Navigating Uncertainty: How Covid-19 Disrupts Traditional Thinking in the Funds Industry

16 Apr 2020

The newly discovered coronavirus (COVID-19) that shook the world in Dec 2019 has taught us human beings one thing:

The world will always be vulnerable against any infectious diseases.



While our approach to tackling this pathogen has been modern, practically the only approach that has yielded the most effective results are rather primitive : temporary shut down of the global economy to halt the further spreading of the virus. How can we then navigate out of this uncertainty and start preparing for a more sustainable future? It simply boils down to 3 adaptations in our train of thoughts:

 

  1. Critical Thinking
  2. Creative Thinking
  3. Lateral Thinking

 

 

This crucial set of reasoning, analysis and solving today’s complex problems now goes beyond mere observance, assessment and reaction. In the name of social distancing, business leaders are forced to react and engage in the largest work-from-home (WFH) experiment, after all it is the right course of action to sustain the business and remove the possibility of infecting healthy staff.

 

However,  critical thinking can go beyond doing the right thing and evolve into doing what is right for the business. Covid-19 has also forced many businesses into a state of digital transformation, adaptation and urgent implementation of Business Continuity Planning (BCP) processes to counter the uncertainties of tomorrow. 

 

An example would be the gradual introduction of new working routines from team splits to a full remote-working situation which resulted in multiple benefits: 

 

  • Minimising in-person interaction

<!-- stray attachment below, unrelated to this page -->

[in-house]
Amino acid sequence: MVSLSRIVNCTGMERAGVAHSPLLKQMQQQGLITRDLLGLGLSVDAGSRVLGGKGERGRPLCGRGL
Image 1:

• Allowing their staff time to adjust to the new routines introduced
  • Granting flexibility (to varying degrees) for staff to accomodate to new business needs. 

 

Such measures were seen across the board from service providers such as fund administrators to large buy-side firms. Doing what is right is ensuring the safety of staff for businesses to continue operating. Doing what is right at an individual level, is to put in your best foot forward and accommodate to the new workflow processes and business environment.

 

 

We definitely can acknowledge that these are challenging times for the global economy but they are also windows of opportunities to move the industry forward in a new order of fashion. 

 

Creative thinking is all about: 

  • Connecting the dots. It’s about exploring the connections, meeting a brand new problem and seeking out an unorthodox way of solving it too. 
  • Asking the right and relevant questions on how to sustain a business is a good starting point. These include: How can fund administrators still deliver to their fund managers and investors without compromising due to current circumstances? How can we build trust in our teammates to be equally (if not, almost) productive at home? How can we continue to strive for that business goal we have set before the impact of Covid-19? What can investors leverage on (or even who?) to knock out competition from seizing the investment of the year? What else can we, Funds Partnership Asia offer as a service to assist our clients, partners and ourselves in this bad situation? 

Creative thinking is an unusual interpretation of the situation and it definitely includes some of the wildest ideas that act as catalysts to spark the dawn of a new era.

 

 

The most undervalued skill is lateral thinking, which is a combination of both critical and creative thinking to arrive at a logical and an unconventional approach to an unexpected, timeless predicament. 

 

These include: 

  • Deriving alternative solutions from the present situation
  • Having a focal point where many competitors have missed out on and improving on that one idea
  • Challenging the perception of traditional thinking to mold new ideas and making a paradigm shift in the way of doing things.


A recent example was hearing one of our clients sharing about their current overhead costs of their staff and their reluctance to let them go just because of Covid-19’s impact on the business. They were in a dilemma: They needed that extra pair of hands during peak period but could not afford them in this climate. So we came in with a solution, risky enough to knock our main business model out of the picture, but it was always about putting our clients at the centre of what we do – impacting individuals and empowering economies. And we did it, all through a simple mobile application.

So how did this global pandemic disrupt our traditional thought process of dealing with human capital issues? Well, I encourage you to think about it. 

 

 

 

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